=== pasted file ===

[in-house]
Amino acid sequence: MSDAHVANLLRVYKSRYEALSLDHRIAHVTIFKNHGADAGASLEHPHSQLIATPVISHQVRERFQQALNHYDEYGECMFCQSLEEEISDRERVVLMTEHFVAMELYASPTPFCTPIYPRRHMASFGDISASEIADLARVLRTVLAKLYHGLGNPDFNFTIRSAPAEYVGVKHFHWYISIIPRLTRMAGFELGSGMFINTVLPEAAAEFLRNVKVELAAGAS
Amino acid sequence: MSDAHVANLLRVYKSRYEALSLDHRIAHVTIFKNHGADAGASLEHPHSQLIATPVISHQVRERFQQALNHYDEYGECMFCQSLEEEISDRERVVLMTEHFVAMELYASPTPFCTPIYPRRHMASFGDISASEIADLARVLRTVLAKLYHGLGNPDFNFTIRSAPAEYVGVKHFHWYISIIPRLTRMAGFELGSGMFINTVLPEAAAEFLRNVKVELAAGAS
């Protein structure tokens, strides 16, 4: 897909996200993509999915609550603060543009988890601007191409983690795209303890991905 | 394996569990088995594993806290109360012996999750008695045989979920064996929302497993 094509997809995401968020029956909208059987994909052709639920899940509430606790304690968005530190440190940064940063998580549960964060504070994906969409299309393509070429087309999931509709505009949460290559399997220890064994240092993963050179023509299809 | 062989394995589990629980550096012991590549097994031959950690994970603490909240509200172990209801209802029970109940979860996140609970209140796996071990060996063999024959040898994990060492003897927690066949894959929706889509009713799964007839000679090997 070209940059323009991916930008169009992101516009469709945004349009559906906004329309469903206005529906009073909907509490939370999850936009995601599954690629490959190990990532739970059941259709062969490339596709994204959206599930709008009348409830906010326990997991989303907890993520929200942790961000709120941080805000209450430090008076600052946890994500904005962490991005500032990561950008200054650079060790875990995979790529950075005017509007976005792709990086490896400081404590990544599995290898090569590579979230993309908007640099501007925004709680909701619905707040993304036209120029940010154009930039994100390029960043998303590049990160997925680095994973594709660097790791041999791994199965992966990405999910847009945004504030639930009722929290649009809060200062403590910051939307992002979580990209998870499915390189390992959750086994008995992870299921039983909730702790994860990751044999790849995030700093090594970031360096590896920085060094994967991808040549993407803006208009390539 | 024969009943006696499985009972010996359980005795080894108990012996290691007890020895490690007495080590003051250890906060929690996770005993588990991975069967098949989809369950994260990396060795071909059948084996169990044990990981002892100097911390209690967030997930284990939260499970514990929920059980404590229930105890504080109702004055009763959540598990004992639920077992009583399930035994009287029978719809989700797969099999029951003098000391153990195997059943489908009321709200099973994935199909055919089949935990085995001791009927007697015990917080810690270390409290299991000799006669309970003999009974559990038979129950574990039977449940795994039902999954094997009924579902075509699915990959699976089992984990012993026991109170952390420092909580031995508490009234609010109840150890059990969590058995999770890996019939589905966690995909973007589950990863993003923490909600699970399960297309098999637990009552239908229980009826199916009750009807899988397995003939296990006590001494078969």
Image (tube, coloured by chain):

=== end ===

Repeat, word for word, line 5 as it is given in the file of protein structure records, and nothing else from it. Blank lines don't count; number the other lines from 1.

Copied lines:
Image (tube, coloured by chain):